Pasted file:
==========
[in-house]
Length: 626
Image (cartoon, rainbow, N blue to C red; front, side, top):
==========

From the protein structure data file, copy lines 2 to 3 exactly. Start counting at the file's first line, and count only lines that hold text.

Length: 626
Image (cartoon, rainbow, N blue to C red; front, side, top):